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Toilet Room Mirror Mounted Too High From The Bottom Of The Reflecting Surface

Posted in: Truckstop Business, Americans with Disabilities Act, Operations

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Top 20 ADA Compliance Issues Seen in Truckstops and Travel Plazas is back! Join guest post contributor Brad GaskinsThe McIntosh Group every month for a new installment in his monthly column.

/// Guest post by contributor Brad GaskinsThe McIntosh Group

The Department of Justice considers accessibility of toilet rooms to be third priority in ADA compliance, and a common issue we see in this area relates to the toilet room mirrors.

For something so simple, toilet room mirrors in convenience stores are often mounted too high to comply with the ADA standard. The good news is it’s an easy fix.

According to the Americans with Disabilities Act, the rule is:

“Mirrors located above lavatories or countertops shall be installed with the bottom edge of the reflecting surface 40 inches (1015 mm) maximum above the finish floor or ground. Mirrors not located above lavatories or countertops shall be installed with the bottom edge of the reflecting surface 35 inches (890 mm) maximum above the finish floor or ground.”

Generally, for the past many years, the standard for architects and contractors has been “substantial compliance” to building codes, which for this item basically means that a contractor comes in, looks at the mirror, and decides whether it looks like a person in a wheelchair would be able to see themselves.

Because we now must adhere to the ADA, a civil rights law, “substantial compliance” just won’t cut it. The specific rule is that the toilet room mirror must be mounted 40 inches from the floor. According to ADA.gov, the average eye level of a person in a wheelchair is 43-51 inches. Using the 40-inch standard, the average person in a wheelchair would clearly be able to see his or her own face in the mirror.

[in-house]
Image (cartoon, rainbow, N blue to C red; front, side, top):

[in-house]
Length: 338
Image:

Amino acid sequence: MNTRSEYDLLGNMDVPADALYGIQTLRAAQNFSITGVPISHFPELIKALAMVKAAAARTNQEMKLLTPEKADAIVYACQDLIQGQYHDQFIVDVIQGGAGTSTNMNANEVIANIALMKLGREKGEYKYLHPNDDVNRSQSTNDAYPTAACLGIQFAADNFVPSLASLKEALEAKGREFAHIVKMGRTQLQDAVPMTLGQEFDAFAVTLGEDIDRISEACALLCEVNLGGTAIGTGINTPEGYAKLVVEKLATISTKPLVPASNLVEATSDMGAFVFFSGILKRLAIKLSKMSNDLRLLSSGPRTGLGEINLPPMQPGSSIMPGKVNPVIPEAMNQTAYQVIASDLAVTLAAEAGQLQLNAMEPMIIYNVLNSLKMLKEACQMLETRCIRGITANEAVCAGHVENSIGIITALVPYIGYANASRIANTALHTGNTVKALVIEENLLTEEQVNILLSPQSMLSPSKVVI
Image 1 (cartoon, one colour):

We often see other “fixes” to this problem, such as a tilted mirror intended to give better viewing range to persons in wheelchairs. While these tilted mirrors are helpful, they do not exempt you from meeting the 40-inch rule.

We also see this problem in places that use thick frames around the mirror for design purposes, where the thickness of the frame takes the mirror above the 40-inch mark. If this framed mirrors are a look you’re interested in, you must make sure your frames do not put you out of compliance.

If you’re unsure whether your store meets this requirement, use a tape measurer to see whether the distance from the floor to the bottom of the reflective surface of the mirror exceeds 40 inches, and relocate your mirror if necessary.

As far as barrier removal goes, this is a simple one. 

 

/// Read more Top 20 ADA Compliance Issues Seen in Truckstops and Travel Plazas posts here

Photo Credit: The McIntosh Group

The opinions and advice given by guest post contributors are not necessarily those of NATSO Inc. The posts should not be considered legal advice. Qualified professionals should be sought regarding advice and questions specific to your circumstances.

{Guest Post} Guest post provided by NATSO Allied member Brad GaskinsThe McIntosh Group. The McIntosh Group is an architecture firm focused on providing accessibility solutions for clients nationwide. Learn more about The McIntosh Group.

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About the Author

Brad Gaskins, AIA, CASp

Brad Gaskins, AIA, CASp

Brad has more than 25 years experience in the practice of architecture and a comprehensive understanding of professional practice nationwide. Brad brings a unique and valuable perspective to The McIntosh Group’s practice and clients, with a specific expertise in the Americans with Disabilities Act (ADA) and national building codes.  Brad has gained recognition as an expert witness for clients with ADA compliance complaints. He represents NACS, The Association for Convenience and Fuel Retailing, as a full voting member on the International Code Council (ICC), American National Standards Institute (ANSI) A117.1, Consensus Committee on Accessible and Usable Buildings and Facilities. His objective is to share, with the committee for their deliberations, the potential impact of the standards on the convenience store and truckstop industry. Brad has an undergraduate degree in engineering and a master’s degree in architecture from the University of Oklahoma. He is currently serving as president of AIA Oklahoma. 

Got questions about ADA guidelines? Let Brad help, he’s the ADA Geek.

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The “Ask Brad” website educates visitors on the Americans with Disabilities Act (ADA). The site offers the knowledge of an architect, Brad, who has a specific expertise in ADA compliance. Visitors to the site are encouraged to submit questions regarding the ADA. Brad will answer the questions and post them to the site for all to take advantage. In addition to the Q&A section, the site offers timely information through instructional videos, white papers, articles and resource links.

 

Please visit the site at www.askbrad.info.